The programme office monitors progress, risks and the quality of the multiple development subprojects; co-ordinates the timing of implementation and organisational impacts; and establishes a mechanism for benefit-tracking.

Deliverables for Build

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Phase 7: Implement
The objective of the Implement phase is to set in motion across the company the full suite of process, technological and social changes that have been designed and built. Implementation begins when the targets of change begin experiencing the impacts and are expected to adopt the new state. There are a wide range of activities being completed by implementation teams in this phase such as equipment installation, employee training, issue documentation/resolution, and managing compliance to new processes and policies.

Managing the Business Solution Roll-out throughout the entire organisation (often across many geographic regions) is one of the most challenging aspects of the BPI programme. Abnormally high levels of support are likely during the initial operation of the business solution that need to be directed and co-ordinated. New issues to be addressed for the implementation to proceed smoothly will continuously arise.
Learning Programmes are instituted across the organisation both during pre-implementation activities and after the initial operation of the business solution has begun. These programmes communicate to employees all new responsibilities resulting from redesigned processes and new policies that have been created and provide employees with necessary skills to fulfil their new responsibilities.
All business solutions need some continuing support to ensure their ultimate success. This is why an adequate Support Infrastructure is designed to be in place and functional during implementation, so that desired performance can be attained as quickly after implementation as possible. The types of support that make up this infrastructure vary significantly but can include the reporting/resolution of “bugs” in implemented IT solutions, the creation and maintenance of an User Help Desk to answer employee questions pertaining to aspects of the new business solution (e.g. policy changes), or the updating of documentation such as the Process/User’s Manual.
Given that organisations have a natural tendency to gravitate toward traditional (“tried and true”) behaviours, even well-intentioned employees often slip back into performing the job duties just as they have always done them. This situation can result in performance gains to be lost over time or to not be realised at all. To sustain the new environment, a Performance Feedback mechanism, connected directly to the Critical Success Factors of the (Confirmed) Business Vision, is put in place to measure desired performance targets, and provide for corrective action and continuous improvement.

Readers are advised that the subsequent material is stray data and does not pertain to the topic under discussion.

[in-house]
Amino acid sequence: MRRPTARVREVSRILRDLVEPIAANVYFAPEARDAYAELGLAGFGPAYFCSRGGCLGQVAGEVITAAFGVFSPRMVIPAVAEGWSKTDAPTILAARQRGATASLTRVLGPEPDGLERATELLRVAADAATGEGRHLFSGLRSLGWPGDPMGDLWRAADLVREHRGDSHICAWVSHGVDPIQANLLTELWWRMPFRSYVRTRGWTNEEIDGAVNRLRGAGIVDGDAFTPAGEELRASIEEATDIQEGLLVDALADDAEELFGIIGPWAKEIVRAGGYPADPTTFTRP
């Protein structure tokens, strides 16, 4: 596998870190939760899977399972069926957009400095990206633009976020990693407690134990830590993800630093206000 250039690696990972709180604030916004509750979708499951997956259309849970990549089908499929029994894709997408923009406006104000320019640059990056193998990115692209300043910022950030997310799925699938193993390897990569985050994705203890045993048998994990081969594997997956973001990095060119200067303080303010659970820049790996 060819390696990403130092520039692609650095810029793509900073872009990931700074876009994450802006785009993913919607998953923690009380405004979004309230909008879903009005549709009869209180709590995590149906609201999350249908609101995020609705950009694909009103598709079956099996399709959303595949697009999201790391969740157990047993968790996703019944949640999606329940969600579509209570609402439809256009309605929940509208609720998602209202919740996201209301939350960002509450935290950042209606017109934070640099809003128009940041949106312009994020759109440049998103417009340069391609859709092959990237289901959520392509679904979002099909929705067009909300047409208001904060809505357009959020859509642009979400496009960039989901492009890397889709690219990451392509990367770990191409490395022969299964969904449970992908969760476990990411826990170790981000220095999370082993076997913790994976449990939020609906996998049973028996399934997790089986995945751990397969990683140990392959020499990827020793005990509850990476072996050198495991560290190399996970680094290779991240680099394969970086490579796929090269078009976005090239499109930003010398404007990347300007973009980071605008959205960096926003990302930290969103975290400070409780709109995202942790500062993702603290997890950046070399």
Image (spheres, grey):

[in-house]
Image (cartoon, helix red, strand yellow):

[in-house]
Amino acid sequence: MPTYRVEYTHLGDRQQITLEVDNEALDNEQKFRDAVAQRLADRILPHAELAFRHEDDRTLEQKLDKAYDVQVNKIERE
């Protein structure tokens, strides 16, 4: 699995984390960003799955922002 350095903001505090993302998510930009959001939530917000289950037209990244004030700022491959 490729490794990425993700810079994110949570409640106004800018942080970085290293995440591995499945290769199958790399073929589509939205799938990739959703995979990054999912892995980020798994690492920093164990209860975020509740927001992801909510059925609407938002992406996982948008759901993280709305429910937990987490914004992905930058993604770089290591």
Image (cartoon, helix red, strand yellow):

During the course of the implementation it is not only important to measure the resulting improvement in organisational performance but to also measure the progress of the implementation itself. This measurement is conducted as part of “programme management” using the Implementation Plans and Performance Feedback mechanisms.
Upon completion of this phase, the planned business solutions will be operational across the organisation and employees will have been fully trained. Staff will be configured under the revamped organisational structure and will respect the revised policies that govern their work duties. The employees will see and feel the benefits and senior management will declare that the expected results from the BPI programme have indeed been achieved.
The programme office acts as a “War Room”, co-ordinating and controlling all implementation events. Daily progress is monitored against Implementation Plans. Benefit tracking and Performance Feedback are in place to measure the learning curve and performance improvements against established timelines of the Migration Plan.

Deliverables for Implement

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Phase 8: Enhance

The goal of the Enhance phase is to put in place mechanisms to ensure that performance improvements resulting from the BPI programme are sustained over time and ultimately lead to opportunities for additional performance gains. By training small teams responsible for identifying and initiating ongoing improvements, the company will initiate an effort to make continuous performance improvement an integral part of the organisational culture.
A Continuous Improvement Programme is established, which outlines the manner in which future performance enhancements will be supported in the organisation. Along with initiating programmes such as Total Quality Management (TQM) and Statistical Process Control (SPC), this plan addresses the need to develop and sustain appropriate management leadership of and participation in, performance improvement. In addition, the plan identifies the steps that are needed to allow the employees not only to identify opportunities for improvement, but also to become empowered to act upon them.
Although this phase is ongoing, demonstrable results will occur on a number of fronts, including the successful completion of continuous improvement projects, as well as consistently improving results in customer and employee satisfaction surveys. The programme office activities focus on (internal) client relationship management, identifying opportunities to further enhance the organisation’s performance. Senior management will recognise that continuous performance improvement is an initiative that must be supported on an ongoing basis and will set the foundation for the “awakening” to the next BPI initiative.

Deliverables for Enhance